#These are the keyboard mappings
#q = Go forward
#a = Stop going forward or back
#z = Go back
#i= Go left
#o = Stop steering
#p = Go right

#Get the GPIO module
import RPi.GPIO as GPIO

#Get the time module
import time

#Get the socket module
import socket

#Some IP constants for this, the server
UDP_IP = "192.168.0.5"
UDP_PORT= 8888

#A routine to control a pair of pins
def ControlAPairOfPins(FirstPin,FirstState,SecondPin,SecondState):
  print "Controlling them pins"
  if FirstState == "1":
    GPIO.output(int(FirstPin),True)
  else:
    GPIO.output(int(FirstPin),False)

  if SecondState == "1":
    GPIO.output(int(SecondPin),True)
  else:
    GPIO.output(int(SecondPin),False)
  #Just retur
  return

####Main body of code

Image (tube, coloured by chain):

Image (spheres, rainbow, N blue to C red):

#Get rid of warnings
GPIO.setwarnings(False)

#Set the GPIO mode
GPIO.setmode(GPIO.BOARD)
#Set the pins to be outputs
GPIO.setup(11,GPIO.OUT)
GPIO.setup(13,GPIO.OUT)
GPIO.setup(19,GPIO.OUT)
GPIO.setup(21,GPIO.OUT)

#Set up the IP related details
sock = socket.socket(socket.AF_INET, socket.SOCK_DGRAM) # UDP
sock.bind((UDP_IP, UDP_PORT))

#Tell the user we've started
print "UDP server started.  Waiting for response...."

while True:
  #Wait for a UDP command to be received
  print "Waiting for a UDP command"

  #Handles getting a UDP packet
  MyChar, addr = sock.recvfrom(1024) #buffer size is 1024

  #MyChar = raw_input("Press a character:")

  print "I received: " + MyChar

  if MyChar == "q":
    ControlAPairOfPins("19","1","21","0")
    print "Forward"
  elif MyChar == "a":
    ControlAPairOfPins("19","0","21","0")